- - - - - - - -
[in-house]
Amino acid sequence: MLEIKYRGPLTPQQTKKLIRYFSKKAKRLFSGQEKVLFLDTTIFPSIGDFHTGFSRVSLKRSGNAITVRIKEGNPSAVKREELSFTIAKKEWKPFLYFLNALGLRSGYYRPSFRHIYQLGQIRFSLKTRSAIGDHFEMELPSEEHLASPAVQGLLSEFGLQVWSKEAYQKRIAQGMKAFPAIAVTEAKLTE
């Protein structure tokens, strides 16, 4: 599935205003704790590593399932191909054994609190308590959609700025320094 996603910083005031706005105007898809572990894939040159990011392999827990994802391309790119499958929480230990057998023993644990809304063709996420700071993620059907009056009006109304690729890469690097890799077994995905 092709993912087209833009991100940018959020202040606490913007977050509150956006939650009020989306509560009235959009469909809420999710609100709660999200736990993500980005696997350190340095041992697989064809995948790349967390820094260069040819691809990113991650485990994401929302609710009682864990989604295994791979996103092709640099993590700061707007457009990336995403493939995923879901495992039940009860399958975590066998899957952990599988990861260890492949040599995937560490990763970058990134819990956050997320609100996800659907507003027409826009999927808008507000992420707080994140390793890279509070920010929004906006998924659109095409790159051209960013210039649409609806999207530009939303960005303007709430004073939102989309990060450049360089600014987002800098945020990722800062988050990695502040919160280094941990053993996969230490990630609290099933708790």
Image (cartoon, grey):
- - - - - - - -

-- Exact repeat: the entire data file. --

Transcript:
[in-house]
Amino acid sequence: MLEIKYRGPLTPQQTKKLIRYFSKKAKRLFSGQEKVLFLDTTIFPSIGDFHTGFSRVSLKRSGNAITVRIKEGNPSAVKREELSFTIAKKEWKPFLYFLNALGLRSGYYRPSFRHIYQLGQIRFSLKTRSAIGDHFEMELPSEEHLASPAVQGLLSEFGLQVWSKEAYQKRIAQGMKAFPAIAVTEAKLTE
């Protein structure tokens, strides 16, 4: 599935205003704790590593399932191909054994609190308590959609700025320094 996603910083005031706005105007898809572990894939040159990011392999827990994802391309790119499958929480230990057998023993644990809304063709996420700071993620059907009056009006109304690729890469690097890799077994995905 092709993912087209833009991100940018959020202040606490913007977050509150956006939650009020989306509560009235959009469909809420999710609100709660999200736990993500980005696997350190340095041992697989064809995948790349967390820094260069040819691809990113991650485990994401929302609710009682864990989604295994791979996103092709640099993590700061707007457009990336995403493939995923879901495992039940009860399958975590066998899957952990599988990861260890492949040599995937560490990763970058990134819990956050997320609100996800659907507003027409826009999927808008507000992420707080994140390793890279509070920010929004906006998924659109095409790159051209960013210039649409609806999207530009939303960005303007709430004073939102989309990060450049360089600014987002800098945020990722800062988050990695502040919160280094941990053993996969230490990630609290099933708790």
Image (cartoon, grey):